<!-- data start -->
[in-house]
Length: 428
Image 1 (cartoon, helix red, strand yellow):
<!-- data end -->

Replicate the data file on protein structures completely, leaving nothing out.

[in-house]
Length: 428
Image 1 (cartoon, helix red, strand yellow):